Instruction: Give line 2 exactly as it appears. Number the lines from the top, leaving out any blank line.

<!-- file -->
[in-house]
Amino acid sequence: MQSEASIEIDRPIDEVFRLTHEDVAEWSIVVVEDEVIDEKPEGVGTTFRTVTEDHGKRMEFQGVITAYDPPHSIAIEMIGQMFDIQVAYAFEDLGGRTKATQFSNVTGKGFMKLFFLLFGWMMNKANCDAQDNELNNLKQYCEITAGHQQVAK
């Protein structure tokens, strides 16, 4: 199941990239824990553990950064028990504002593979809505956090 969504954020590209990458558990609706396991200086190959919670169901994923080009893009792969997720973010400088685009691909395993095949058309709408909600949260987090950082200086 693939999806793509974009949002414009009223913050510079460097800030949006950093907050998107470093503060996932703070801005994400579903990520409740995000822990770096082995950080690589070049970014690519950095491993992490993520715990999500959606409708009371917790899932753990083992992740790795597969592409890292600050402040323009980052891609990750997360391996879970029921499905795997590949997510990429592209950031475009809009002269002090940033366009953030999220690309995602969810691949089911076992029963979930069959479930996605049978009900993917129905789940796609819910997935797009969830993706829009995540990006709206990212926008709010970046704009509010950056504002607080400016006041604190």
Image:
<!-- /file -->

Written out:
Amino acid sequence: MQSEASIEIDRPIDEVFRLTHEDVAEWSIVVVEDEVIDEKPEGVGTTFRTVTEDHGKRMEFQGVITAYDPPHSIAIEMIGQMFDIQVAYAFEDLGGRTKATQFSNVTGKGFMKLFFLLFGWMMNKANCDAQDNELNNLKQYCEITAGHQQVAK